“Vintage” young adult books fall into only a few genres, and I’ve just had the pleasure (?) of reading a few that fit the “Afterschool Special” genre. This breed of YA is rarely seen for today’s teens. Reading these books is like being hit over the head with the book’s Very Special Message.
The Wave (1981), written by Todd Strasser under the pen name Morton Rhue, is based on the true story of a classroom experiment that got out of hand. In teaching his students about how an ordinary person could become involved in the Nazi movement, a teacher institutes “The Wave,” a movement based on discipline, community, and action. Within a week, the movement spreads beyond the classroom. Members of The Wave are bullying non-members into joining.
This novel brought to mind some experiments I read about in college, such as the Stanford Prison Experiment and the Milgram Obedience Experiment. However, the retelling for teens is full of those stock characters you often find in vintage YA. The main character is the popular and pretty Laurie, dating football star David. Naturally, Laurie is one of the few who questions The Wave – no one wants to be the drone who buys into The Wave! The teacher, Mr. Ross, is probably the most three-dimensional character of the lot, unsurprising as it was the original teacher’s story that was mined for the screenplay for the actual afterschool special this book is based on. Mr. Ross, the “cool teacher,” comes up with this idea and begins to waver between knowing the experiment has gotten out of hand and believing he has created something good. The ending is especially heavy-handed.
The Very Important Lesson: Nazism is bad, Individualism is good. Even you can become a Nazi if you don’t think for yourself!
The second Very Special novel I read was Too Young to Die (1987) by Alida E. Young. Check out this awesomely cheesy cover, which actually depicts a scene in the story!
It seems this story was written as some kind of public service announcement about Students Against Drunk Driving. That’s the main thrust of the story: popular kid Shane gets hit by a car, driven by a classmate who was drunk driving. His girlfriend Robin starts a
crusade S.A.D.D. chapter at her school and alienates all of her friends in her undying concern for her boyfriend, who lies in a coma in the hospital. Statistics about drunk driving accidents are spewed. Months go by. Eventually she sees that the kid drunk driving, Troy, felt guilty about the whole thing. Takes her almost the entire book, too.
The most unbelievable part of this story, I thought, was that Robin was only fourteen. Not to say that a fourteen-year-old couldn’t be so in love with her boyfriend that she sits by his bedside for months. Part of me – the sarcastic, skeptical part – had Robin pegged from the very beginning as that girl who laid all her hopes and dreams of becoming popular on her boyfriend. Without Shane, who was she? Basically no one. She doesn’t seem to have any of her own interests. I felt like this was the true reason why she sat by Shane’s bedside all those months. Ah, well.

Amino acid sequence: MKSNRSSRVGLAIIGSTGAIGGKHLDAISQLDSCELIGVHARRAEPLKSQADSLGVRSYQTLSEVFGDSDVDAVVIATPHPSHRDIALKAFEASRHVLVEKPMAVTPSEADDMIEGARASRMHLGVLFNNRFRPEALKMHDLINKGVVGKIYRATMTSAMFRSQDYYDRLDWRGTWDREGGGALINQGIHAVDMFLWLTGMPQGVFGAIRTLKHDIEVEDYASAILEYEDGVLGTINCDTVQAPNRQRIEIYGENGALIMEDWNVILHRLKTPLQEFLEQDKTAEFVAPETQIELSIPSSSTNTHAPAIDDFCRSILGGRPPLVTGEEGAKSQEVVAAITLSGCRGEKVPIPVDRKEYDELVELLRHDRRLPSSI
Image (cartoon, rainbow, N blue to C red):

The Very Important Lesson: Don’t drink and drive!
Last, and sort of least, was More Than Just a Smart Girl (1987) by Lurlene McDaniel. I say least mostly because this wasn’t as heavy-handed as the first two. But it was still a story about a nice girl who learns a Very Important Lesson.
Alissa is such a smarty-pants she got skipped ahead and now at age 13 she’s starting high school. What’s scary at first turns super awesome when she discovers that Derek, the star football player, is in her study hall and also needs her help with math homework. Soon Alissa is lying to her old fat friend Georgia and to her parents and doing Derek’s homework for him and hoping Derek will realize she’s just as pretty as any of the cheerleaders.
This book was so predictable I laughed a few times. I think everyone in the world could see that Derek was just using Alissa; I mean, she practically begged him to let her do his homework for him. The story is written in such an old-fashioned way that I could have told you exactly how it would end, including Alissa making it up to Georgia and her new friend Casey’s brother Steve showing up to be The Nice Guy. Not only did Alissa learn that she shouldn’t bother putting on make up or dress up for a guy, but Georgia learned an important lesson as well, as she “decided not to be fat anymore” and went on a diet and lost a bunch of weight.
The best part was Alissa’s freak out after she figures out Derek is using her. Throughout the entire book she’s such a nerdy wallflower and then she basically loses it in the hallway at school.
The Very Important Lesson: Don’t change for a guy.
Sure, these are important lessons to impart to the youth. Luckily, YA has evolved as a genre so the lessons aren’t *quite* so laughably obvious.